California Considering Protecting Insurers from Defamation Lawsuits

May 15, 2009

The California Senate is considering a bill that would “immunize” insurers from potential defamation lawsuits when they meet to discuss fraud trends with insurance regulators and prosecutors, the Coalition Against Insurance Fraud said.

According to the bill text, “existing law generally provides for the prevention, detection, and investigation of insurance fraud. Under existing law, insurers are required to disclose to an authorized governmental agency information relative to incidents of workers’ compensation fraud, as specified. SB 156 would authorize the Department of Insurance or a district attorney to convene meetings with insurers to discuss emerging trends and schemes involving insurance fraud and would provide that any person sharing information pursuant to that authorization would be protected from civil liability, as specified.”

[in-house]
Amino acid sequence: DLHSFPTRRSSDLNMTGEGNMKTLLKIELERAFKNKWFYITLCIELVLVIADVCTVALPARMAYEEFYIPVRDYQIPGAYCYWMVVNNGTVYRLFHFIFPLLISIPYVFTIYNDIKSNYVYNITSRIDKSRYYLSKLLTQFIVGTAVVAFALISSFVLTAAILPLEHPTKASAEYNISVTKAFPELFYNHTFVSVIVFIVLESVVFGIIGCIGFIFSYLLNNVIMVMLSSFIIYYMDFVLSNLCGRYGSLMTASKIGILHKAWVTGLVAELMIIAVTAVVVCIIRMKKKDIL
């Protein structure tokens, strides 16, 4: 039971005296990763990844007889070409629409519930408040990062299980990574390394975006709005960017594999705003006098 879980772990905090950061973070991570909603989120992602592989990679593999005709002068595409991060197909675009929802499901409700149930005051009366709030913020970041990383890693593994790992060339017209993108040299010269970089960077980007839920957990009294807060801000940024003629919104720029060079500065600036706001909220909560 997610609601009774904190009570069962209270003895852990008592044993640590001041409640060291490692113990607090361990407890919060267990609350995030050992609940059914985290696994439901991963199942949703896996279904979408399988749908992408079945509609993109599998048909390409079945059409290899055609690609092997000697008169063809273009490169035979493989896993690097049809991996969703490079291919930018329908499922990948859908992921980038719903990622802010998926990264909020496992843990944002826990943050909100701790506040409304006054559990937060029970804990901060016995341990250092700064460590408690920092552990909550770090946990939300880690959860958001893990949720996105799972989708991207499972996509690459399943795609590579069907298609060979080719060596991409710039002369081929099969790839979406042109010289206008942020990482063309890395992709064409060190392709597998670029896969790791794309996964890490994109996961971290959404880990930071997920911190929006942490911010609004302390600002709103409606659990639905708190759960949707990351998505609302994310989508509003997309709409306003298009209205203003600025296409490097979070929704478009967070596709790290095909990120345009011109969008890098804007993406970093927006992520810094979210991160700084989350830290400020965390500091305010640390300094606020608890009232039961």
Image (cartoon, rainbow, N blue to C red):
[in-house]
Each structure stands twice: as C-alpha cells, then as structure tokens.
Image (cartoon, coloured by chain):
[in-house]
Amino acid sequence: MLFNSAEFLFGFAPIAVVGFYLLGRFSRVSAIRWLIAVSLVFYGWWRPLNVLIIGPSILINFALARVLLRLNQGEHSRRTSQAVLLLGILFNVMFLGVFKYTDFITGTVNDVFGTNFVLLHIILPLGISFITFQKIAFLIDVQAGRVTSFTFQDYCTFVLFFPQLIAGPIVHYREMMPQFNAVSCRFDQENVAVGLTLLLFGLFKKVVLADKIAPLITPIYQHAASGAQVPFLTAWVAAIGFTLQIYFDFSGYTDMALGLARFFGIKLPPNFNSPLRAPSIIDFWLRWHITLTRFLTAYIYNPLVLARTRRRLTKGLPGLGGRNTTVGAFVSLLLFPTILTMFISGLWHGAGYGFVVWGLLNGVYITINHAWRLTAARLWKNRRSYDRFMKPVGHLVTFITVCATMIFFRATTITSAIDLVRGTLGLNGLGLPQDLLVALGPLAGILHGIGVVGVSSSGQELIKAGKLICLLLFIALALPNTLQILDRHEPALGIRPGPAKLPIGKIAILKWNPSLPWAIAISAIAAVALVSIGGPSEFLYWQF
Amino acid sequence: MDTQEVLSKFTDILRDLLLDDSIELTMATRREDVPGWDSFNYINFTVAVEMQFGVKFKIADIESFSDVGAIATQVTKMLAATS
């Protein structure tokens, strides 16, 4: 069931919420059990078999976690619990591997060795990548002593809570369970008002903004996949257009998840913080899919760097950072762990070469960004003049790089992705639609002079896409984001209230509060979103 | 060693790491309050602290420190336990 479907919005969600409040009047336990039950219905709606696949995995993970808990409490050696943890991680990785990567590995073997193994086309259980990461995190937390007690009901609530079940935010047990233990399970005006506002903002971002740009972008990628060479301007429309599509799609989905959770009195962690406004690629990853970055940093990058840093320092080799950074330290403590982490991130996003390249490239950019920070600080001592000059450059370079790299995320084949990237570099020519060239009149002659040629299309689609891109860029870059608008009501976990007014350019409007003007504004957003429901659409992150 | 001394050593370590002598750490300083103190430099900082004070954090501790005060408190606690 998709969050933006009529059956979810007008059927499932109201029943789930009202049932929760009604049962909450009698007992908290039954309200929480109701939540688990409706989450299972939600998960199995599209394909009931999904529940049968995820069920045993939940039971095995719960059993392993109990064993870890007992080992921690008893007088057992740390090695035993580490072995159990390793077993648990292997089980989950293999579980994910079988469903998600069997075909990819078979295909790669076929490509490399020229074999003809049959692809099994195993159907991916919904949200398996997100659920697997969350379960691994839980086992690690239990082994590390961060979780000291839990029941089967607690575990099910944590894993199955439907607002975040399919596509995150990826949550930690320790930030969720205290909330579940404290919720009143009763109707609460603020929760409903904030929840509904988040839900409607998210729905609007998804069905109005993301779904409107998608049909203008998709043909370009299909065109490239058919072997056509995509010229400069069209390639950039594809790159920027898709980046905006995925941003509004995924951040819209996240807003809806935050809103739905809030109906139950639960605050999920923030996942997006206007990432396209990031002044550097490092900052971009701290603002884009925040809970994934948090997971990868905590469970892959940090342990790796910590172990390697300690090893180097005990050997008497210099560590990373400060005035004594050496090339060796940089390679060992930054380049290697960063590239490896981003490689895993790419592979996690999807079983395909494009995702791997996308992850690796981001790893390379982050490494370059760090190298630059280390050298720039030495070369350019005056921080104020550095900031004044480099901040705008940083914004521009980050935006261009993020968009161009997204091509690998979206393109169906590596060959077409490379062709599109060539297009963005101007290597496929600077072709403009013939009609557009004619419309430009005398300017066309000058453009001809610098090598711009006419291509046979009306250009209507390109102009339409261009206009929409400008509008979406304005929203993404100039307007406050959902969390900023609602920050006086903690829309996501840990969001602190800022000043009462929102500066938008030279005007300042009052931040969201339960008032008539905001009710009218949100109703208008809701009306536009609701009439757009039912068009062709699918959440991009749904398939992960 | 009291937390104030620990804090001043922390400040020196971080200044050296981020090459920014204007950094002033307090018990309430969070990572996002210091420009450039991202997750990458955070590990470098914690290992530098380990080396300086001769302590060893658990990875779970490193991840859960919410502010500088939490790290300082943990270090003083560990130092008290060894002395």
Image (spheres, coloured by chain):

“This legislation will be an excellent tool for fraud fighters in their ongoing efforts against insurance schemes. Allowing more dialogue about fraud trends will help focus more resources against these crimes,” the Coalition wrote to Sen. Wright, the bill’s sponsor,

However, the Coalition cautioned that SB 156 faces an uncertain future, noting trial lawyers oppose the measure.

The bill currently sits in the Judiciary Committee, which often serves as a graveyard for bills, the Coalition said.

Sources: California Legislature, CAIF

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